Norman Oppenheimer is a small time operator who befriends a young politician at a low point in his life. Three years later, when the politician becomes an influential world leader, Norman's life dramatically changes for better and worse.
Debra Winger and Tracy Letts play a long-married, dispassionate couple who are both in the midst of serious affairs. But on the brink of calling it quits, a spark between them suddenly reignites, leading them into an impulsive romance.
The author Max Zorn, now in his early 60s, is on a promotional book tour in New York when he meets up again with the woman he could never forget. They spend a weekend together. 17 years have passed. Can there be a future for their past?
The opening visuals of this film include pans of great trees barren in the winter with a pale sky overhead, accompanied by an ominous soundtrack and displays of exotic meals you can't name let alone ever have a chance to ingest yourself.
And thus the 'table is set' for two families forever derailed by their grossly immature and entitled son's violent murder of a homeless woman, and the video to prove it.
A formal dinner is arranged at an exclusive restaurant between the two couples in hope of a resolution that seems doomed from the start.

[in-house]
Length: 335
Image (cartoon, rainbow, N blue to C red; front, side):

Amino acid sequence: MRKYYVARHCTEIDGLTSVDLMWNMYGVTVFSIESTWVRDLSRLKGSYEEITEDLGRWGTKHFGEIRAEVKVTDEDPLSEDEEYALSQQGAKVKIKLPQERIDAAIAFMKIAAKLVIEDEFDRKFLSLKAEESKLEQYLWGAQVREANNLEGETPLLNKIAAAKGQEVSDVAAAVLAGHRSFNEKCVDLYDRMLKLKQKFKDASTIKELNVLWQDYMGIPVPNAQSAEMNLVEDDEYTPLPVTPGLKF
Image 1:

And it pretty much is.
The central character of the story, you would think, would be Richard Gere's Stan Lohman, a successful politician on the verge of running for Mayor. But the bulk of the attention quickly shifts to his brother Paul (Steve Coogan).
Paul, we learn, has had a lifetime of mental issues. He doesn't exactly babble incoherently, but he is acutely focused on deeper observations of the human experience through the lens of history that others quickly dismiss as simple madness.
And this is where the story seems to lose it focus, though not completely.
You might begin to wonder to yourself at times where exactly this story is headed. Is it about the boy's crimes? Their parent's attempt to deal with it? -Or Paul's borderline insanity and his preoccupation with the American Civil War, particularly the battle for Gettysburg.
Aside from that, we are treated to the vapid attitudes of the rich and privileged when it comes to protecting their children from themselves.
Stan, on one hand, seems resolute on turning his own son over to the authorities to avoid being exposed in a cover up. But Stan's intentions are hard to plumb.
Is he really trying to do the right thing? Or is it all to save his own political career? Doesn't really matter, because his efforts are quickly annihilated by his own wife's and sister-in-law's stead-fast position of burying the situation at all costs.
Stan's wife in particular deludes herself to a sickening degree by blaming the poor homeless woman for her own death. It's a hard bit to stomach.
As the discussion soldiers on, Paul frequently leaves the table to ruminate on his own son, sharply aware that his offspring has probably inherited a level or two of his own madness.
Yet Paul's point of contention seems to be of a well-intentioned but failed idealist, while his son's condition reeks of glee-full anti-social depravity.
The ending is anything but tidy when Paul commits to his own act of savagery.
A very interesting film to be enjoyed by thinking people, but a production that is jumbled and a little rocky to get through for everybody else.
9 of 9 people found this review helpful.
Was this review helpful to you?